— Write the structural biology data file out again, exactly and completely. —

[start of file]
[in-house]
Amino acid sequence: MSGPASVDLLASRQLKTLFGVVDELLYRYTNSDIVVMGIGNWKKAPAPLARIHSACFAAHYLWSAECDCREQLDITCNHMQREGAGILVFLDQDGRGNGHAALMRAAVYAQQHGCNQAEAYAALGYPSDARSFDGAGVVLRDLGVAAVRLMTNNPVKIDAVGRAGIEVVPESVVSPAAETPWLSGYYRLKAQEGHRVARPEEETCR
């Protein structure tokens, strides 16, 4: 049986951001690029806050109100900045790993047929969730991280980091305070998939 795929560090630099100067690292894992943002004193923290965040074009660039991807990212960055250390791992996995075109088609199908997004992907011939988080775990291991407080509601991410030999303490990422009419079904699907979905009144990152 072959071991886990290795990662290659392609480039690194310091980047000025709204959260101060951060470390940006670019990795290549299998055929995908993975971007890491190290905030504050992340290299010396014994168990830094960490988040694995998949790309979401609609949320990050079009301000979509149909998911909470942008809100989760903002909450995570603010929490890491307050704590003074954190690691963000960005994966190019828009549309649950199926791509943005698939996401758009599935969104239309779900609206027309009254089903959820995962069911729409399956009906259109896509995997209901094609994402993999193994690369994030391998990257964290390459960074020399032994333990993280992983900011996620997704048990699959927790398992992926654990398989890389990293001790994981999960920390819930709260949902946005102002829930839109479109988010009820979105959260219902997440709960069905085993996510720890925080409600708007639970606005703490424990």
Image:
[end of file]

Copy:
[in-house]
Amino acid sequence: MSGPASVDLLASRQLKTLFGVVDELLYRYTNSDIVVMGIGNWKKAPAPLARIHSACFAAHYLWSAECDCREQLDITCNHMQREGAGILVFLDQDGRGNGHAALMRAAVYAQQHGCNQAEAYAALGYPSDARSFDGAGVVLRDLGVAAVRLMTNNPVKIDAVGRAGIEVVPESVVSPAAETPWLSGYYRLKAQEGHRVARPEEETCR
């Protein structure tokens, strides 16, 4: 049986951001690029806050109100900045790993047929969730991280980091305070998939 795929560090630099100067690292894992943002004193923290965040074009660039991807990212960055250390791992996995075109088609199908997004992907011939988080775990291991407080509601991410030999303490990422009419079904699907979905009144990152 072959071991886990290795990662290659392609480039690194310091980047000025709204959260101060951060470390940006670019990795290549299998055929995908993975971007890491190290905030504050992340290299010396014994168990830094960490988040694995998949790309979401609609949320990050079009301000979509149909998911909470942008809100989760903002909450995570603010929490890491307050704590003074954190690691963000960005994966190019828009549309649950199926791509943005698939996401758009599935969104239309779900609206027309009254089903959820995962069911729409399956009906259109896509995997209901094609994402993999193994690369994030391998990257964290390459960074020399032994333990993280992983900011996620997704048990699959927790398992992926654990398989890389990293001790994981999960920390819930709260949902946005102002829930839109479109988010009820979105959260219902997440709960069905085993996510720890925080409600708007639970606005703490424990």
Image: